The late U.S. Senator Daniel Patrick Moynihan's once famously said in debate, "Sir, you are entitled to your own opinion but not your own facts." With that in mind, we take issue with the Sun's May 9 editorial on Maryland waste-to-energy (WTE) legislation ("O'Malley should trash waste-to-energy bill") which would treat WTE like other renewables, in particular landfill gas-to-energy. The legislation has passed the Maryland legislature, but your editorial urges a veto by Gov. Martin O'Malley. If the facts were as the editorial describes, we might favor a veto as well. That is not the case, however, and as a national coalition of local government owners of modern WTE facilities, we know of what we speak.

Our members and the communities we serve invested in WTE technology for one reason — it is the responsible thing to do from an environmental and energy perspective. Waste management is essential for all societies, and after maximizing waste reduction and recycling, what remains can either be sent to landfills or combusted to produce clean, renewable energy. Landfilling adds to environmental problems including greenhouse gas emissions (GHGs) and contributes very little to our energy supply. From virtually every environmental and energy perspective, WTE is the preferred choice.

Thus, EPA itself recommends waste combustion with energy recovery over landfilling and recognizes WTE as a renewable that produces electricity "with less environmental impact than almost any other source of electricity." Underscoring EPA's position, WTE recovers approximately 600 kWh of electricity per ton of waste — 10 times the electricity recoverable from a ton of landfilled waste, and is base-load, "distributed generation" (i.e., serves nearby load without the need for new long-distance transmission lines) that is unaffected by days that are cloudy or calm.

WTE also complements recycling: WTE communities routinely outperform non-WTE communities in recycling, with rates at least 5 percentage points above the national average. Maryland is an example — WTE-reliant communities are statewide leaders in recycling, including Harford County, with the state's highest recycling rate — 59.03 percent. Not surprisingly, The Nature Conservancy ranks WTE as one of the most environmentally protective alternative energy sources.

The May 9 editorial contends that SB 690 would "subsidize WTE plants for doing what they're already doing" which "benefits no one except the local governments that own the plants." While the statement on subsidy is technically correct, the attempt to make SB 690 sound sinister is invalid and, more importantly, overlooks the fact that all other renewables, including landfill gas to energy, already have the same — or a greater — subsidy. As to the suggestion that no one other than local government WTE owners will benefit from SB 690, the implication of some sort of government boondoggle could not be further from the truth. To the contrary, SB 690 recognizes that WTE facilities' costs are considerably higher than landfill costs, which requires enormous investments by local government, and the benefits are improvement of the environment, reduction in greenhouse gases, energy independence for our nation, and less reliance on fossil fuels.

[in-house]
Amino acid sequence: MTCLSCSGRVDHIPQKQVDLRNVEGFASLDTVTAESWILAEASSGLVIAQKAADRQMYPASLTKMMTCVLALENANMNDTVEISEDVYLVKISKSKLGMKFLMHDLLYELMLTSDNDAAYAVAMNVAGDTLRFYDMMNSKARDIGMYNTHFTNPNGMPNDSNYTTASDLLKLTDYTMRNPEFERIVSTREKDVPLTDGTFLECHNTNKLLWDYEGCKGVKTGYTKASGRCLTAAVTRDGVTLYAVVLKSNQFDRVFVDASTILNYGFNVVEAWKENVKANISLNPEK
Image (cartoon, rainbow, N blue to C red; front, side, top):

The editorial also refers to landfill emissions of methane as having been "greatly mitigated" (methane is a potent greenhouse gas with 25 times the global warming impact of the carbon dioxide emitted by WTE facilities), and implies that landfill methane is no longer a significant concern. That is not correct, however, and as the Sierra Club's January 2010 landfill gas to energy report explains, "When organic wastes are buried in landfills, methane is always produced and a substantial portion of that methane leaks into the environment." WTE, on the other hand, significantly reduces greenhouse gases compared to landfilling.

Finally, the editorial claims that SB 690 "is not about landfills." If ever there was a technically correct but completely misleading statement, that is it. SB 690 is very much about landfills because if we fail to take steps to put WTE and landfills on an equal footing, landfills will remain the dominant means of waste disposal in Maryland and the nation. Ironically, if Maryland's WTE-reliant communities had instead chosen less costly — and environmentally inferior — landfilling, they would already have the benefits SB 690 extends to WTE. Simply put, the forward-thinking local government action reflected in WTE investment should be encouraged, which is what SB 690 would do.

John R. "Doc" Holladay, Huntsville, Ala.

The writer is director of the Solid Waste Disposal Authority of Huntsville, Ala., and chairman of the Local Government Coalition for Renewable Energy.